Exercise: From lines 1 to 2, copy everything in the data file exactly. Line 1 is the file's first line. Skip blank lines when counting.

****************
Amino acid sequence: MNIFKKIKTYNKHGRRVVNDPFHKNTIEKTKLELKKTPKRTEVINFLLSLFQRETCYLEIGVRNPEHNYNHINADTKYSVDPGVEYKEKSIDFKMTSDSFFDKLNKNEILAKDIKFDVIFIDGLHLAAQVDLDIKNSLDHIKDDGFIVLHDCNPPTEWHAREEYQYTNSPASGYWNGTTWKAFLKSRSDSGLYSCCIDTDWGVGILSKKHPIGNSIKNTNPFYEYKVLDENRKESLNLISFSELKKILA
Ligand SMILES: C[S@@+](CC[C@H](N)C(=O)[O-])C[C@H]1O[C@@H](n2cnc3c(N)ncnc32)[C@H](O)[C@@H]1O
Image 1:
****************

Amino acid sequence: MNIFKKIKTYNKHGRRVVNDPFHKNTIEKTKLELKKTPKRTEVINFLLSLFQRETCYLEIGVRNPEHNYNHINADTKYSVDPGVEYKEKSIDFKMTSDSFFDKLNKNEILAKDIKFDVIFIDGLHLAAQVDLDIKNSLDHIKDDGFIVLHDCNPPTEWHAREEYQYTNSPASGYWNGTTWKAFLKSRSDSGLYSCCIDTDWGVGILSKKHPIGNSIKNTNPFYEYKVLDENRKESLNLISFSELKKILA
Ligand SMILES: C[S@@+](CC[C@H](N)C(=O)[O-])C[C@H]1O[C@@H](n2cnc3c(N)ncnc32)[C@H](O)[C@@H]1O